The trial, conducted at Brisbane Airport (BNE), signifies a critical stage in Australian cleantech specialist Stralis’ preparations for its inaugural test flight, which is slated for later in 2024.
The company's innovative approach involves utilising a Bonanza A36-HE as a test platform, paving the way for the retrofit of a 15-seat Beech 1900D aircraft intended for the first passenger flights between Brisbane Airport and Gladstone Airport in 2026, operated by launch customer Skytrans.
Brisbane and Gladstone are at the forefront of green hydrogen development, making them ideal launch points for Australia's first hydrogen electric aircraft route. Flights will generate zero carbon emissions, with their only byproduct being water vapour.
“This successful test marks an unparalleled achievement, not just for Stralis but for the entire Australian aviation sector. Running an electric motor with a power to weight above 10kW/kg on an aircraft is a crucial milestone that propels us closer to witnessing this test aircraft take to the skies safely later this year,” said Bob Criner, co-founder and chief executive officer of Stralis.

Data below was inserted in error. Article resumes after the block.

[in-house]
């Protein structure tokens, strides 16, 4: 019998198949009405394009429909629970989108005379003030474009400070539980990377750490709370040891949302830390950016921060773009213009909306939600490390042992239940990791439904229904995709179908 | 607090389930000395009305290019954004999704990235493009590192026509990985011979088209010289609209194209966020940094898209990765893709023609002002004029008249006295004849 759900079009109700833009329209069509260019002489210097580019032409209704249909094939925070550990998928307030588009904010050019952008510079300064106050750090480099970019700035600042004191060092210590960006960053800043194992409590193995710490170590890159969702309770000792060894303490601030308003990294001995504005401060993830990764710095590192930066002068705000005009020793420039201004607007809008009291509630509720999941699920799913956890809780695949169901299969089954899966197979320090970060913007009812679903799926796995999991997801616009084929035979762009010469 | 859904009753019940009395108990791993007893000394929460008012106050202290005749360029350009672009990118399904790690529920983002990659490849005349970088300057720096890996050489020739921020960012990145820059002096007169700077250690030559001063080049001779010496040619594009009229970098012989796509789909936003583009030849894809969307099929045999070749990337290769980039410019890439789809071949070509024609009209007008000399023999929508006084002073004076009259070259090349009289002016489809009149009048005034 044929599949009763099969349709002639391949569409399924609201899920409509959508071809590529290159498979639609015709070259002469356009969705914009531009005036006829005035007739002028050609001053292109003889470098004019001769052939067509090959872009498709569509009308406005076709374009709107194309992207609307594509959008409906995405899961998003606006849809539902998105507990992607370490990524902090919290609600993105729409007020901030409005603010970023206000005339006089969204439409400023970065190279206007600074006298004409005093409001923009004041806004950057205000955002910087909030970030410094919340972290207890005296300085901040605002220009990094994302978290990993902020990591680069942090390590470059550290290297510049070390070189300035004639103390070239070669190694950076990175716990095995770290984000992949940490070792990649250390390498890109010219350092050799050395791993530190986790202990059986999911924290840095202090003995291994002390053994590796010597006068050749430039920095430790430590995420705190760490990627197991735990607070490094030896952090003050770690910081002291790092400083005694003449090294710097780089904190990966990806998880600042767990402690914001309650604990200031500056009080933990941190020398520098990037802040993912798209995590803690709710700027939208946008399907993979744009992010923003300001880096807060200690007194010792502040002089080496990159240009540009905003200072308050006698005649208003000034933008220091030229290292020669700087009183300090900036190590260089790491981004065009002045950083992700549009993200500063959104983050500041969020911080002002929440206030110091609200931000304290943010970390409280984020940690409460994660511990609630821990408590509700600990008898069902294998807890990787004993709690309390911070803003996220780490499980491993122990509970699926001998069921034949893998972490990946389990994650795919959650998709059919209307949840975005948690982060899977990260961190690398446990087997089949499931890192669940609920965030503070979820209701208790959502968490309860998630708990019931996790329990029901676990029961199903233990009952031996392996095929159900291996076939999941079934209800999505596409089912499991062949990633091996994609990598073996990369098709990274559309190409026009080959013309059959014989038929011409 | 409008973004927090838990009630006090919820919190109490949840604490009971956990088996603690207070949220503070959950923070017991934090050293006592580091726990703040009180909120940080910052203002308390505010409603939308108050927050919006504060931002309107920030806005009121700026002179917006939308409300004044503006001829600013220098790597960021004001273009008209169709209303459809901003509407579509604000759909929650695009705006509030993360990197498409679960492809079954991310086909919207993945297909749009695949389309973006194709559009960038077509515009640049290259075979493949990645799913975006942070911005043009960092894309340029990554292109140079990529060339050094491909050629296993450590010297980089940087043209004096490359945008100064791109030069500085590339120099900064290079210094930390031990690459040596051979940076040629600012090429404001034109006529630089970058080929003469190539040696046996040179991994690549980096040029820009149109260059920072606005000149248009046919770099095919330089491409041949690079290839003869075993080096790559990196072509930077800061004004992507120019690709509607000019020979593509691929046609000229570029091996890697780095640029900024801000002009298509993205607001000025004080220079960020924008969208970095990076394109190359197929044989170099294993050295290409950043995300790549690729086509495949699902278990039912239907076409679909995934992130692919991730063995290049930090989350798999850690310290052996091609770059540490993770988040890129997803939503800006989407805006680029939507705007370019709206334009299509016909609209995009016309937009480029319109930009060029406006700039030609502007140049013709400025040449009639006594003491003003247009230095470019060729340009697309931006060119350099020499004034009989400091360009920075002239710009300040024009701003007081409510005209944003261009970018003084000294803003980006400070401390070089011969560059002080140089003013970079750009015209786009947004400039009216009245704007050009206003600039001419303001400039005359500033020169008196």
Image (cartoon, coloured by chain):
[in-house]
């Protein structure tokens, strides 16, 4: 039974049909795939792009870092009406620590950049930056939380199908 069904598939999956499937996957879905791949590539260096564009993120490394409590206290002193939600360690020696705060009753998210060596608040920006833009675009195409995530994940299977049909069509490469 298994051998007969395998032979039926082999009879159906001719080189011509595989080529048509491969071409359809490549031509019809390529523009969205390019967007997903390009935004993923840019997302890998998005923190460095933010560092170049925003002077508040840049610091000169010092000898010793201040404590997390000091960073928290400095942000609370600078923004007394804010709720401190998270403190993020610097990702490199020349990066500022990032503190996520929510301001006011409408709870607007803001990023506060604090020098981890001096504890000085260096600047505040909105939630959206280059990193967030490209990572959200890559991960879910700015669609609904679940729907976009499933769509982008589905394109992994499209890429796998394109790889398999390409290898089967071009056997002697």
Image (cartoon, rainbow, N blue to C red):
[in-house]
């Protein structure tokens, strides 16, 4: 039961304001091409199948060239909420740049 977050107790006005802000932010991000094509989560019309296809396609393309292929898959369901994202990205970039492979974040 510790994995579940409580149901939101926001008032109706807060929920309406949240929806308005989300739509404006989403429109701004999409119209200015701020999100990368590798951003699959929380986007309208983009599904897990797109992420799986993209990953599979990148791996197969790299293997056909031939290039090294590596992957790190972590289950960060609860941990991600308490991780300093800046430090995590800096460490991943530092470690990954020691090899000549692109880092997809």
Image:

Queensland's commitment to the tests stems from its role in the hydrogen industry.
“This test represents a significant leap towards cleaner, more cost-effective, and quieter aviation. Providing emissions-free access to regional Queensland is an exciting prospect, aligning with Brisbane Airport's commitment to sustainability,” said Ryan Both, executive general manager of aviation at Brisbane Airport.
Stralis’ work at Brisbane Airport is supported by the Hydrogen Flight Alliance and Aviation Australia.